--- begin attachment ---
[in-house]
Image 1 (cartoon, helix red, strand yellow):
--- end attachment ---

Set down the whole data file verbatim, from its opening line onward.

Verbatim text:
[in-house]
Image 1 (cartoon, helix red, strand yellow):